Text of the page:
Moral Absolutes

In a comment on my previous post “Terrorism and moral outrage“, wgreen asked

The inward sense of justice is evidence of the existence of moral “absolutes”. How do you justify the existence of such absolutes?

Is an inward sense of justice really evidence of the existence of moral absolutes? Consider the concept ‘justice’. Without any absolute (universal and objective) moral standards, it would be impossible to judge any action (particularly the actions of others). And without such judgement, there could be no such thing as justice. To the extent that a person has a sense of justice, he recognizes the existence of moral absolutes. An inward sense of justice is evidence of a (possibly implicit) belief in the existence of moral absolutes, but in itself, it is not evidence of the existence of moral absolutes. But where does a sense of justice come from? What is the basis for the moral absolutes on which a sense of justice depends?

A sense of justice comes from the constant necessity of judging actions (both one’s own and those of others) to achieve one’s goals. Those actions that further (or appear to further) one’s goals are judged as good. Those actions that hinder one’s goals are judged as bad. The requirements of one’s chosen goals become a personal standard by which actions are judged. This personal standard can be used objectively, since the requirements of any particular goal can be objectively determined. But by itself this standard is not universal. It is only when one projects one’ s own goals on other people (whether consciously or unconsciously) that the personal standard becomes a universal one and gives rise to a sense of justice. Is such a projection proper?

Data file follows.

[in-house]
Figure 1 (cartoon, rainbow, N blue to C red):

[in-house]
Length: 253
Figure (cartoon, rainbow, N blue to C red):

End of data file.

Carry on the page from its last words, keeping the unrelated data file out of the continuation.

Since man has free choice, he may choose any goal. But the achievement of his goals is not merely a matter of choice. He cannot achieve any goal without meeting its requirements. No matter what his goal is, he cannot achieve it if he is not alive to pursue it. In this sense, his own life is his ultimate goal. Without it, no goals can be achieved. The requirements of his life are a part of the requirements of any goal he may choose. Since the requirements of life are essentially common to all men, the principles required to pursue these requirements successfully are moral absolutes – moral because the principles are guides to action and have to be voluntarily followed, absolute because they are objective and universal.